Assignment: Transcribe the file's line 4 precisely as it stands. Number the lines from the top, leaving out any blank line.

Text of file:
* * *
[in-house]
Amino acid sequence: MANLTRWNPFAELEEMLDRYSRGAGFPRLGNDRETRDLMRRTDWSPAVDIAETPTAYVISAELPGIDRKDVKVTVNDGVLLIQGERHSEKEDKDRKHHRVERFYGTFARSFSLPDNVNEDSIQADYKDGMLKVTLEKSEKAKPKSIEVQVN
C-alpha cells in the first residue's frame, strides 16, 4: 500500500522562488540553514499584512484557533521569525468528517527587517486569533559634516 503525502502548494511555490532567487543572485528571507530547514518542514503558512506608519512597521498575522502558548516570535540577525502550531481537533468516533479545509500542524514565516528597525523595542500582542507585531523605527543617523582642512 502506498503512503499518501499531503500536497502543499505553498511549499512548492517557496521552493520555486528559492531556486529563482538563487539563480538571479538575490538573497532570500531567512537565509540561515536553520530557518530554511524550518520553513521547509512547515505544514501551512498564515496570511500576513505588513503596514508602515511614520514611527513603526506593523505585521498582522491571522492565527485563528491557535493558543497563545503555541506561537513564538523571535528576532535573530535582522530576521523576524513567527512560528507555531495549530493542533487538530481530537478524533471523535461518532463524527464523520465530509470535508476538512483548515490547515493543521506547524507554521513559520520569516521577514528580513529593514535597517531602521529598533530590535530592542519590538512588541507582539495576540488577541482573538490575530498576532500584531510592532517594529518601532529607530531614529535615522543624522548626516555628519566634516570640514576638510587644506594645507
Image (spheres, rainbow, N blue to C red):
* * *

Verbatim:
Image (spheres, rainbow, N blue to C red):